As Skrbina puts it: The “dead nature” of mechanism is fundamentally challenged by the panpsychic worldview. Skrbina ends with a compelling peroration.

Panpsychism is a distinctive metaphysical worldview. As such, it stands in an awkward relationship with conventional positivist, mechanistic thinking. It can seem inconsequential, or even incomprehensible. And yet these are the very hallmarks of new worldviews; anything less would imply a superficial or minor revision to the prevailing view. The problems of mind and consciousness are so difficult, so intractable, that “drastic actions”— perhaps even as drastic as panpsychism— are warranted. … We may be approaching one of those times in history when fundamental assumptions about the world change.

And in closing, Skribina proposes a call to action:

Natural resources, including plant and animal species, are generally seen as mindless and insentient objects, and thus as deserving no particular respect or moral consideration. With no deeper meaning or value, they exist solely to benefit us. … [But] our mechanistic worldview is in error: that, by treating nature as mindless, we engage in irrational and destructive behavior. Metaphysics has consequences.

[You can see a one-minute YouTube video of David Skribina making this last point at an “Emergence and Panpsychism” conference in Munich, 2011. More videos from this conference are online as well.]

Take #2. Rudy’s “Panpsychic Manifesto”

For some reason, I don’t quite remember why, a couple of weeks ago I started thinking about David Skrbina’s Panpsychism in the West, and about panpsychism in general, and I took a break from working on my novel-in-progress, Return to the Hollow Earth, and I wrote a kind of manifesto—which is a fanatical format I’ve always found congenial. And then I emailed Skrbina to thank him for his book, and he told me he’d published a new edition, and I engaged to get a copy of it and to write this blog post as a type of review. My thoughts scuttling around like a nest of ants.

“Ants and Gems” acrylic on canvas, February, 2018, 40” x 30”. Click for a larger version of the painting.

Every entity is in some sense conscious. Putting it differently, every individual thing has a soul—from atoms to plants to societies to planets to the universe itself. The principle of universal mind is panpsychism.

This doctrine is familiar from the earliest history of philosophy, although it’s not popular now. Panpsychism fell out of favor during the Industrial Revolution, and even more so during the Computer Age.

The current tendency is to regard a mind as a computation, and to suppose that the only non-human minds are computers or robots or devices with chips. But a talking smart phone doesn’t represent the living consciousness that I’m looking for.

Panpsychic is about soul—an inner glow, far richer than any sly imitation. Trees, flowers, rocks, chairs, sandwiches, and atoms all have the glow. All are conscious.

Zen Buddhists tell the story of a monk who asks the sage, “Does a stone have Buddha-nature?” The sage answers, “The universal rain moistens all creatures.”

The inner glow is not the exclusive birthright of humans, nor is it solely limited to biological organisms. Each object has a mind. Another list: Stars, hills, scraps of paper, molecules—each of them possesses the same inner glow as a human, each of them has singular inner experiences, each of them takes in sensations.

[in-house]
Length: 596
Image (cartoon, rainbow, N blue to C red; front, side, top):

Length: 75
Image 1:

The underlying reason for this may be that natural processes embody what we can call gnarly natural computations. Think of swaying trees, a candle flame, drying mud, flowing water, even a rock. Physical chaos is everywhere. To the human eye, a rock appears not to be doing much. But at the atomic level, a rock is like a zillion balls connected by springs. A lot going on! Deep thinker.

Okay, but why bother to believe in panpsychism? Because there’s an emotional reward. It feels pleasant to suppose I’m surrounded by living minds. The nineteenth century philosopher-scientist Gustav Fechner was an eloquent advocate for this point of view. He drew a contrast between what he called the daylight view and the night view of the world.

The night view: We’re the only minds around. We’re like fireflies in a silent, utterly black warehouse of cluttered junk and grim clockwork machinery. We’re specks of light amid great gears and unforgiving barriers. Lost in a gloomy, dead, uncaring world.

The day view: We’re surrounded by other souls as bright as ourselves. We wing across sunny meadows of beautiful flowers, and into the dappled forest. The air throbs with music. On every side, large and small creatures greet us. A teeming, cheerful, living, friendly world.

Which world do you prefer? I think for most of us the answer is clear.

Fine, but is there any practical use for panpsychism? I feel there is already an application. If I have a good talk with someone, I can sense they have a mind. The back and forth play of empathy brings us into a shared state. And now—here’s a jump. If you think in a certain way, it’s possible to have empathy with objects , and to see objects as glowing with inner light. This is a pleasant sensation indeed. And it comes very naturally to a carpenter, a mechanic, a painter, or a jeweler—or even to a writer, if you go so far as to think of a manuscript as a conscious, living thing.

Not practical enough? Consider this. We don’t use clockwork gears in our watches anymore, and we don’t make radios out of vacuum tubes. The era of digital computer chips will fade. Biotech computation will come and go And in the end we’ll be working with the gnarly natural computations of ordinary objects—a flame, a stream of water, a plant. Panpsychic panpsychic empathy can provide the input/output and the programming tools for these natural devices. Stare at a candle flame, and it’ll tell you what to do. Seers already do this!